The normal annual precipitation at Great Bend and Hudson, determined by the U.S. Weather Bureau, is 24.18 and 24.58 inches, respectively. However, deviations from the normal are frequent. At Great Bend the recorded annual precipitation for the period 1923-47 has ranged from a minimum of 14.72 inches in 1936 to a maximum of 38.35 inches in 1944, and at Hudson it has ranged from 14.17 inches in 1936 to 34.54 inches in 1944. The annual precipitation for the period of record and the cumulative departure from normal precipitation at Great Bend and Hudson are shown graphically in Figures 3 and 4.
The largest town in Stafford County is Stafford, which had a population of 1,969 in 1945. St. John, population 1,614, is the second largest town and the county seat. Other towns in Stafford County and their 1945 populations are Macksville, 540; Hudson, 235; Seward, 130; and Radium, 76.
Population figures are not available for the small towns of Beaver and Heizer in Barton County, or Zenith in Stafford County. Redwing, Dartmouth, and Farhman, in Barton County, and Neola, in Stafford County, serve as supply stations for farmers and as grain-shipping points.
A branch line of the Missouri Pacific Railway running from Kingman to Lamed passes through Stafford, Hudson, Seward, and Radium in Stafford County. Another branch line of the Missouri Pacific runs between Great Bend and Hoisington. A branch line of the Atchison, Topeka, and Santa Fe Railway runs from Great Bend westward to Scott City, passing through Heizer and Albert in west-central Barton County. Another branch line of the Santa Fe runs from Galatia in northwestern Barton County through Susank, Beaver, and Fahrman to McPherson in McPherson County.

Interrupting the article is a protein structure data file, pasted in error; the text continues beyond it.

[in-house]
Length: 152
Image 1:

Several hard-surfaced Federal and State highways pass through Barton and Stafford Counties. U.S. Highway 281 crosses the central part of the area from north to south, passing through Hoisington, Great Bend, and St. John. U.S. Highway SON passes from east to west through Ellinwood, Great Bend, and Pawnee Rock in southern Barton County, and U.S. Highway 505 passes from east to west through Zenith, Stafford, St. John, and Macksville in southern Stafford County. State Highway 4 traverses central Barton County from east to west, passing through Claflin and Hoisington. State Highway 96 runs northwest from Great Bend through Heizer and Albert, and State Highway 19 passes from east to west through
Radium and Seward, joining U.S. Highway 281 at a point 2 miles east of Seward. Numerous improved county and township roads serve the remainder of the area (Pl. 1).
Table 1--Acreage of principal crops grown in Barton and Stafford Counties, Kansas, in 1948
Barton County has a total land area of about 570,880 acres. According to the 1940 census, 98.8 percent of the land was in farms. In 1948 there were 1,522 farms in Barton County, and the average farm comprised about 370 acres. Stafford County has a total land area of about 508,160 acres, 95.8 percent of which was in farms in 1939. In 1948 there were 1,163 farms in Stafford County, averaging about 420 acres in size.
Irrigation by pumping from wells is practiced to a limited extent in the Arkansas Valley and Walnut Creek Valley in Barton County and in parts of the sand-hills area in Stafford County. In 1944 there were 38 pumping plants in the two counties, capable of irrigating more than 1,500 acres of land. In most years a much smaller acreage than this is actually irrigated, however.
Kansas Geological Survey, Barton and Stafford County Geohydrology|
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Web version Dec. 2001. Original publication date Dec. 1950.